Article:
UK: The End In Sight - Making The Most Of Condé Nast VAT Claims

Last Updated: 7 April 2009
Article by Deloitte Tax Group

Most Read Contributor in UK, August 2017

A significant opportunity

The decision in the Condé Nast and Fleming cases provides an opportunity for many businesses to obtain significant refunds of VAT (plus interest). The opportunity relates to VAT overpaid or underclaimed before 1 May 1997 and should be high on the tax agenda for any business that was VAT registered before this date. However, some urgency is required; the opportunity closes on 31 March 2009 and any claims submitted after this date will not be paid.

You should consider the issue now if you:

  • have not thought about the opportunity;
  • have been putting off reviewing whether you have a claim; or
  • have thought about it but not taken any action.

In a challenging economy the opportunity to obtain a significant VAT refund cannot be ignored so it is worth giving this a final thought. Even apparently small annual claims can add up to significant amounts, particularly when interest is applied. Overall HMRC estimate over £1bn of VAT (excluding interest) is due to be repaid in relation to these claims.

As advisors to Condé Nast in the case Deloitte understands the issues and has a bank of opportunities and claims already lodged with HMRC. This document summarises the case, highlights the key points you will need to consider in making a claim and provides a simple questionnaire to assess whether your business has any obvious reclaim opportunities.

You can send the completed questionnaire to your usual Deloitte contact or reply to the address given. We will then call you to discuss the opportunity further. If you prefer, simply use the questions yourself to assess whether you have a potential claim. Either way, time is of the essence.

The case

Condé Nast and Fleming challenged the introduction of the 3 year cap for claims for underclaimed input tax (on purchases) which was introduced on 1 May 1997. The cap was introduced by HMRC in a hasty manner, as it had been in December 1996 for output tax (on sales) claims. It was also brought in without warning and without allowing taxpayers time to go back and correct errors and overpayments of VAT made on earlier VAT returns.

Both Condé Nast and Fleming argued that the failure to provide a reasonable transitional period in which to make claims before the 3 year limit came into force rendered the cap incompatible with EU law.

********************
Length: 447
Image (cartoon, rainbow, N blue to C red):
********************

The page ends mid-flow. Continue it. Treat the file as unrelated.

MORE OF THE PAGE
In early 2008 the House of Lords found unanimously in favour of the taxpayers. Their Lordships confirmed that HMRC's introduction of the 3 year time limit was defective because it contained no transitional period. As a result the cap was disapplied for valid claims for underclaimed input tax before 1 May 1997 and overpaid output tax pre 4 December 1996.

HMRC accept the decision and have provided a transitional period in which to revisit claims. It is this transitional period that expires on 31 March 2009 and means claims must be submitted by this date.

How do I know if I have a claim?

The attached questionnaire will help you understand whether you are likely to have a claim. There are also many niche industry claim areas which are worth considering. In fact Deloitte has identified over 50 claim areas across a range of industries and businesses.

The claim must also be substantiated. This can be a challenge for periods before 1997 since many primary records are not available and very often staffing and system changes have taken place. However, HMRC will accept a reasonable extrapolation to prove a claim where it is known that VAT has been overpaid or underclaimed.

This can be a time consuming exercise but we have considerable experience in extrapolation techniques and have also developed processes to ensure all refund claims submitted have a sensible extrapolation methodology – taking into account such things as RPI and VAT rate changes.

Finally, in order to be valid the claim must be in the correct time period. Left is a timeline setting out the relevant dates.

Key points for making a claim

  • Taxpayers are not required to demonstrate a prior intention to submit a claim.
  • The deadline for submitting a claim is 31st March 2009.
  • HMRC estimate total claims may be in the region of £1 billion (excluding interest).
  • The window for claims runs from 1973 to 1996/97.
  • Claims can include a supplementary claim for the compound interest which has accrued. This means even relatively minor amounts of VAT can create significant refunds.
  • Lack of evidence/supporting documentation does not mean a claim cannot be made. HMRC will accept a valid estimation to show that VAT was underclaimed or overpaid.

The content of this article is intended to provide a general guide to the subject matter. Specialist advice should be sought about your specific circumstances.

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